300 Days of Political Estrangement in Bahrain: by Alya Radhi

Bahrain is seeing a situation of political standstill because of the sharp political division between the government and the majority of the people. This stems from the eruption of the popular movement for a democratic transition in February 14, 2011.
Three dialogues took place between the government and the opposition, but the government has no genuine desire for change. After 5 years, we have reached a situation of estrangement with the absence of dialogue or even communication between the two sides. Although the opposition had repeatedly called on influential states to support a genuine dialogue to end the political crisis, this has not happened. Instead, the response has been locking up leading dialogue-participants when the government walked even further away from the opposition after the opposition boycotted the sham legislative elections in November 2014.
Today, the most prominent and popular advocate of dialogue and peace in Bahrain is celebrating 300 days behind bars since his arrest on December 28, 2014. His attempts to find a solution for the political crises that festered every ten years, since the 80s.
A neutral and fair observer of Sheikh Ali Salman’s activism since his return from exile and till the day of his arrest can only that his actions have been legal and core to his position as Secretary General of a (registered) political association. He repeatedly declared his absolute rejection to all forms of violence from all sides and always called on the people to maintain a peaceful movement. And one cannot overlook the fact that he was a leading participant in the writing of the opposition’s joint Manama Document which pledges to stick to solely peaceful measures in the pursuit of democratic change.
He has not spared an opportunity to call on the Bahraini regime for real dialogue as a single solution to the political deadlock. Still, Al Wefaq followed the slightest pinch of hope and participated in the National Dialogue although it was very clear from the start that it was not a real one. However, Sheikh Ali kept his vision that the opposition is serious in turning every opportunity to real negotiations despite the regime’s lack of desire.
“Problems that challenge individuals and nations need dialogue on matters of disagreement. Thus, principally speaking, dialogue is vital for Bahrain to reach a consensus that achieves the benefits of all sides without excluding or undermining or discriminating against any of them”.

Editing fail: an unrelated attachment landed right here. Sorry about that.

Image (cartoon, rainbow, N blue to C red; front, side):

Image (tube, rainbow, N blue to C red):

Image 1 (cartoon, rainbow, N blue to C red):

– Sheikh Ali Salman
The dialogue he is demanding is one that can achieve equality for all citizens by actions and the rule of law together, one that draws a roadmap to democracy and respect of human rights. He is demanding a resolution that will not take the nation back to suppression again, and one that will never put political dissidents in prison again.
If dialogue or negotiation can bring on equality and ensure freedom and a true democratic transition, then it can only be implemented by:
1. The engagement of all sides, including the jailed political figures– who must be immediately and unconditionally released.
2. The consent of the people of Bahrain on the terms of the resolution as a democratic response should anyone opposes it.
Yet, the international community should demonstrate its true desire to support a productive and real dialogue in Bahrain.
This is Sheikh Ali Salman’s vision for political change, I leave you to judge his case.
Author: Alya Radhi, wife of Sheikh Ali Salman

Sheikh Ali Salman is the leader of the political opposition in Bahrain. He was arrested and sentenced to 4 years in prison. He was charged with inciting hate, disrupting civil peace and inciting civil disobedience of the law, insulting official bodies and promoting change of the regime through military force, in addition to other charges.

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